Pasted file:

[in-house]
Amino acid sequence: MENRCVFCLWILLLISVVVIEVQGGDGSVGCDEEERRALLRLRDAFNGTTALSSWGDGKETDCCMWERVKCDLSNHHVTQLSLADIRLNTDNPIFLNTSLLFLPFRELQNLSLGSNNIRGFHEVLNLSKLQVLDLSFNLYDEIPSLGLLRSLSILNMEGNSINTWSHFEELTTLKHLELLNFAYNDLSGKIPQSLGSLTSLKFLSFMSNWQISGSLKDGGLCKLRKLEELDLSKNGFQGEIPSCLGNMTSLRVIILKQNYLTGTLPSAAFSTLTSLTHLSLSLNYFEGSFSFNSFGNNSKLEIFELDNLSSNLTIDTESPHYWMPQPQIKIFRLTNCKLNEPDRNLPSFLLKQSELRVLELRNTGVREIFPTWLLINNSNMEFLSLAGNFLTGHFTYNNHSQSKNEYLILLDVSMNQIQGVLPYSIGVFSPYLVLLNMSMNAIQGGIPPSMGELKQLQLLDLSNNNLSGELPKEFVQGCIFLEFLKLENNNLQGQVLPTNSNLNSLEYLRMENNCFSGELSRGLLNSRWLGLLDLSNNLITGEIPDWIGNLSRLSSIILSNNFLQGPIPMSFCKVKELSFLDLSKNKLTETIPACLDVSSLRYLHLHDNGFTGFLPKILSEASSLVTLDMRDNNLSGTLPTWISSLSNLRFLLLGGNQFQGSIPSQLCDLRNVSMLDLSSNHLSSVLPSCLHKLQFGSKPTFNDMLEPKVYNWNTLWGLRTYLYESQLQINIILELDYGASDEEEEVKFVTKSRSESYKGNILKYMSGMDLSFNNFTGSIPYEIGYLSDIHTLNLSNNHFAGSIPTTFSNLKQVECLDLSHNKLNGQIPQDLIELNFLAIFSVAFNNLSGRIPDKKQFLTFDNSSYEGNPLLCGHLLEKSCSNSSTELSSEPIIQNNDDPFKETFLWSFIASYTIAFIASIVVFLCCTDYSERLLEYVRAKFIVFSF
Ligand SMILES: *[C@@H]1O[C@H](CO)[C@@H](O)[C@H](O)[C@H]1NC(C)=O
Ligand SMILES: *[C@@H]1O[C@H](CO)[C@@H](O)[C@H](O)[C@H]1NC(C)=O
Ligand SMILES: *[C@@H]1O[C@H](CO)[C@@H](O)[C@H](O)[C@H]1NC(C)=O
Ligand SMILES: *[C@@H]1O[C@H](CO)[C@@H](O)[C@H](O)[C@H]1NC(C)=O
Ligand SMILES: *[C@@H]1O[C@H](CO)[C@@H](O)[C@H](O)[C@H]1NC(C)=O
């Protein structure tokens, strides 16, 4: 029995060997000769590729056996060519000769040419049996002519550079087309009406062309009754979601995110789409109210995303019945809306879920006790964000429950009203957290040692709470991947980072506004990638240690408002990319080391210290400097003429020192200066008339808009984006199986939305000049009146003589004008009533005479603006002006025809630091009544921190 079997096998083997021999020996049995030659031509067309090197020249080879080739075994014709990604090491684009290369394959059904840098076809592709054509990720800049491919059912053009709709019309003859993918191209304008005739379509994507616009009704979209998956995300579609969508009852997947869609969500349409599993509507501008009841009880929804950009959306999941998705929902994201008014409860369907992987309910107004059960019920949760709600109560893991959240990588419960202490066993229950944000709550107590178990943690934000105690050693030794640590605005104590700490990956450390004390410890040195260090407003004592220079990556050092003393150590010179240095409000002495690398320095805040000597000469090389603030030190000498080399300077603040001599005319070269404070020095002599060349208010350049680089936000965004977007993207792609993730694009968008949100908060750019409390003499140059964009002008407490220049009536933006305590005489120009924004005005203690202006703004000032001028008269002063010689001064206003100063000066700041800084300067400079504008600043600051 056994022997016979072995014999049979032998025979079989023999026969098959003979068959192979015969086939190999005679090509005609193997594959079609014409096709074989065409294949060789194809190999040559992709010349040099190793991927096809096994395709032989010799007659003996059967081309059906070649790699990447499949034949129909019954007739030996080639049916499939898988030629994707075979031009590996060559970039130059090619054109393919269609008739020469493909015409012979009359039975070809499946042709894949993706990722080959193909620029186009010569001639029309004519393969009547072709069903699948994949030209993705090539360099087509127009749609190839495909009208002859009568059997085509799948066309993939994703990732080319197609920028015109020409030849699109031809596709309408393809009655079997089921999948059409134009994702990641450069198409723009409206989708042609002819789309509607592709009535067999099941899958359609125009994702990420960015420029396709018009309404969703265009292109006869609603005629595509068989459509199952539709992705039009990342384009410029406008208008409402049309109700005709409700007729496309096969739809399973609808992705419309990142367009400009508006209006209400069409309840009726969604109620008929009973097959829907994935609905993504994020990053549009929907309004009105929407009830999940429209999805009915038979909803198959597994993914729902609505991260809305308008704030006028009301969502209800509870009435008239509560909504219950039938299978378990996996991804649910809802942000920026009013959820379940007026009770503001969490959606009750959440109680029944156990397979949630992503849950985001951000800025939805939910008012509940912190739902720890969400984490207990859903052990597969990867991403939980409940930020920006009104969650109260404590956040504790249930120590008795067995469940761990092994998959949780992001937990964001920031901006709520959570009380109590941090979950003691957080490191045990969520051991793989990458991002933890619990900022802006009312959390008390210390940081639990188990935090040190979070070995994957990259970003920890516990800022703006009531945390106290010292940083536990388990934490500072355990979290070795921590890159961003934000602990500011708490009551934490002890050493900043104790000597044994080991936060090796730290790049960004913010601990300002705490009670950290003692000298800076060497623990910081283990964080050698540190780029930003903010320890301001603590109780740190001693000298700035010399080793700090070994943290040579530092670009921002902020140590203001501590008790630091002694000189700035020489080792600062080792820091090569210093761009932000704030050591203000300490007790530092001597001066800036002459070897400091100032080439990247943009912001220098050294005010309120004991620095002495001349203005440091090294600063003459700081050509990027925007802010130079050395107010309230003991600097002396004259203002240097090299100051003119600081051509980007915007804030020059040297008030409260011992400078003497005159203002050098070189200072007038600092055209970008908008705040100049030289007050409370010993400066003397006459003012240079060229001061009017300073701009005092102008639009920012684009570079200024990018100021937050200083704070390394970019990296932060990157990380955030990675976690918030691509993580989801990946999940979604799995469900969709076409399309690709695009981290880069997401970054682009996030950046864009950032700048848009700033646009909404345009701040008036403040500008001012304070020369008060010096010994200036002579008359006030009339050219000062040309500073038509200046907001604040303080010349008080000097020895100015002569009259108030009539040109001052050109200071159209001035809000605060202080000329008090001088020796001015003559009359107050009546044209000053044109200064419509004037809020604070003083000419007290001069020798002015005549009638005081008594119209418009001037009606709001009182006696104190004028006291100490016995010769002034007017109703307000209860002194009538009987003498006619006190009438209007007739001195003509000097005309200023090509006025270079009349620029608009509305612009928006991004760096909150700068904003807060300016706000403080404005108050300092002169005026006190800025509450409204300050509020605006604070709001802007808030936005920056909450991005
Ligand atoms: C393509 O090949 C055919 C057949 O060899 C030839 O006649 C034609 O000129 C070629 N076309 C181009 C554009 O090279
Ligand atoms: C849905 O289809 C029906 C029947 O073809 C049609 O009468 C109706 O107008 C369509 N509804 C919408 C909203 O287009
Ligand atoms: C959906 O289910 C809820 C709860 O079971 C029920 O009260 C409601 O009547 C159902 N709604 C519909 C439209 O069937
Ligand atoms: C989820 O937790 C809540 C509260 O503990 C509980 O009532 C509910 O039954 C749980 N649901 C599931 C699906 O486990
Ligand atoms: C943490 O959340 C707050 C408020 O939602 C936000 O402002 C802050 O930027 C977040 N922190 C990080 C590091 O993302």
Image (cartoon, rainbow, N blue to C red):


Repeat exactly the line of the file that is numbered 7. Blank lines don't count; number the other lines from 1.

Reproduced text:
Ligand SMILES: *[C@@H]1O[C@H](CO)[C@@H](O)[C@H](O)[C@H]1NC(C)=O